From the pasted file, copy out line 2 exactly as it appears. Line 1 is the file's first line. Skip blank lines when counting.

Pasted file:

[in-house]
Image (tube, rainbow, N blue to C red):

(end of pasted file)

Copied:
Image (tube, rainbow, N blue to C red):